What is Gender Selection?

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  • Written By: O. Wallace
  • Edited By: Niki Foster
  • Last Modified Date: 14 March 2020
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Gender selection is the attempt to select or influence the sex of your baby through scientific or non-scientific means. For millennia, cultures and societies have placed vast importance on the gender of their children, depending on how male or female dominated the society is. As a result, there are not only advances in medical science to assist in this endeavor, but also countless old wives’ tales which claim to have the solution to gender selection.

Since the identification of genetic diseases, parents who are carriers of X-chromosome linked or associated diseases such as hemophilia or Duchenne’s muscular dystrophy have used gender selection to sort out sperm which may result in a boy born with the disease. Fertility clinics have come up with the euphemism “Family Balancing” to describe gender selection used purely to choose the sex of the baby, not to avoid disease.

Generations of mothers have relied on the ancient Chinese Birth Chart, which claims to predict the gender of a child based on the mother’s age and month of conception. Others believe that red meat, salty snacks and soda for dad will result in a boy, and lots of fish, veggies and chocolate will result in a girl. Some folk wisdom claims that different positions during intercourse, time of day, the lunar calendar and the temperature of the testicles all contribute to the gender of the baby.


While some of these may actually work, or may just be coincidences, there is a 50-50 chance to conceive either gender with each pregnancy. Today, more people are turning to science to guarantee gender. There are several methods, some more proven than others, to guarantee gender selection.

Preimplantaion Genetic Diagnosis (PGD) is a type of prenatal diagnosis in which non-implanted embryos are tested for gender. Once the desired gender is identified, the approved embryo is returned for implantation. This process uses In-vitro fertilization (IVF), which uses drugs to stimulate ovulation. Eggs are harvested from the mother, and then fertilized with the father’s sperm. Viable embryos are implanted into the mother’s uterus in the hopes that the pregnancy is viable.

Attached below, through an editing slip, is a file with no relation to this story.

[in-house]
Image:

“Leftover” embryos are frozen or donated for future use, although no one can guarantee that they will not be destroyed. Since PGD has been practiced since 1989, it has a fairly long history of success. PGD is 100% accurate due to the testing at the genetic level. PGD is invasive, and since it uses IVF, there is a higher chance of multiples. It is also very expensive at nearly 20,000 US dollars (USD).

Microsort, or “sperm-sorting,” is another form of gender selection. This process operates on the belief that girl-producing sperm are bigger than boy-producing sperm. Sperm is colored using a fluorescent dye, and then lit up. Because girl-producing sperm are larger, they absorb more dye, making them glow brighter. The sperm is separated, and then artificially inseminated into the mother in the hopes that an egg will be fertilized. While this tends to be used with artificial insemination (AI), it can also be used with IVF.

Microsort is less invasive than PGD, and cheaper at 5,000 to 16,000 USD. The success rate is 90% for girls and 74% for boys. Unfortunately, it is still in clinical trials and not yet approved by the Food and Drug Administration. This process carries a lower risk of multiples, and extra embryos are not created.

The Ericsson method of gender selection claims to separate sperm based on the assumption that boy-producing sperm swim faster than girl-producing sperm. This process, which has been in use since the 1970s, separates the sperm by pouring a sample on a gluey layer of fluid in a test tube. In theory, the boy sperm swim down first, and the desired gender is collected. Using AI, the sperm is inseminated. The Ericsson method is non-invasive and inexpensive at approximately 600 USD. The success rates are 75-80% for boys, 73-75% for girls.

Other methods, including the Shettles and Whelan methods, are based on the belief that at different times during a woman’s ovulation, the environment is more hospitable to certain gender-producing sperm. Intercourse is timed in conjunction with these changes. Sex-selection kits work in much the same way, predicting which times of a woman’s cycle are best for certain genders.

While many people have no problem meddling with nature, others have raised serious ethical and religious objections to this subject. Many claim that our obsession with gender has led to female infanticide all over the world. Several countries have outlawed or restricted gender selection. At this time, the U.S. allows gender selection for both genetic and preferential reasons, while other countries only allow it to avoid genetic disease.


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Post 3

What is the trend of the use of gender selection in the world?

Like for the past years up to now, what is the number of boys over the girls?

Post 2

@Anon74996: This is what is known as an old wives' tale. Some people believe it, but it isn't true. Sperm cells are produced in the testicles, but each testicle produces both X and Y sperm cells. So you having two daughters is just a coincidence, or a blessing -- depending on how you look at it.

Post 1

In my childhood, a testectomy on my right testicle was performed due to an accident which caused infection.

I have two daughters and wish to have a son. Is this possible?

I heard that right testicle contributes to having a boy and left one a girl child.

Please enlighten me on this subject. Thank you.

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